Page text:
It’s Monday and although I haven’t been very productive this weekend I have managed to read through chapter 3 of Freakonomics. Entitled “Why Do Drug Dealers Still Live with Their Moms?” the chapter focuses heavily on conventional wisdom and the long-standing belief that drug dealers are big, fancy, rich guys driving beamers. In reality only a very small proportion of gang members live a wealthy life. Most are stuck in poverty, subject to all the woes of the drug trade without any real financial benefits.
Levitt and Dubner discuss how, once you look at the incentives, this begins to make a lot of sense. The rank and file members have an incentive to cause mayhem and pursue violence and fear to make a name for themselves, while the elite have an incentive to prevent this in order to keep business flowing. Gang leaders could divulge more cash, but this would only give the foot soldiers an incentive to gun for the top spot. While gangs might portray themselves as the alternative to corporate slavery, they in fact embrace much of the same rigid hierarchy and exploit frustrated workers in dead-end positions. Oh, and there are those small matters of possible arrest, abuse, addiction, death…I’ll get back to that.
So, this week my assignment is to identify a few key statistics are important in telling the chapter’s story. The first stats to intrigue me were the income numbers for gang members (pg 100). While J.T., the leader of the gang detailed in the chapter, averaged a monthly salary of $8,500, the rest of his gang was paid only a combined $9,500 (including 3 officers and 50 foot soldiers. That comes out to a measly $7/hr for officers $3.30/hr for foot soldiers.
After seeing these numbers I flipped back a pages97-98 to the stats on the companies revenues and costs. I skimmed over them the first time because I had no idea what a reasonable amount would be for a gang and the 2005-2006 dating of the book means a lot has probably changed, especially due to the recession. The monthly profit was only $18,000, inexplicably lower than I was expecting. Seriously, only as I write this do I realize that I was expecting AT LEAST a six-figure income, if not a six-figure profit. Hell, the way the movies portray it I was expecting seven or eight figures! So yeah, these profits and income stats really stress the story of the chapter.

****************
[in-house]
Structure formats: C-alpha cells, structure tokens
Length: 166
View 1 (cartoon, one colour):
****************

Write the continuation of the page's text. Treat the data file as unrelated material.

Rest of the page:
Let’s return to the dangers of the industry, since that is something we can fundamentally understand. On page 101 stats are given about the expected fate of a gang member during a four-year period. Number of times arrested: 5.9; Number of nonfatal wounds or injuries: 2.4 (not including those given as punishment by the gang); chance of being killed: 25%. Wow, that’s depressing. Not only are these guys getting paid below minimum wage, they’re also probably going to be injured or killed. Really attractive, isn’t it? For me these were definitely the most powerful statistics of the chapter.
A final stat gave what was, in my opinion, a very insightful perspective on gangs. As if citing the likelihood of death wasn’t enough, the authors include other figures by which to compare. Sure, the statistic that the most dangerous job in the United States, as defined by the Bureau of Labor Statistics, is a timber cutter with only a 1-200 chance of being killed over 4 years (shit, that is still a lot!). No, this statistic only paved the way for this amazing revelation: A death-row inmate in Texas, the state with the highest execution rate, has only a 5% chance of death over the same period!
You know what this says to me? “Get Rich or Die Trying” is a lie. The real deal is “Get Rich, Go to Jail, and Live off Taxpayer’s Money.”
You’re safer that way.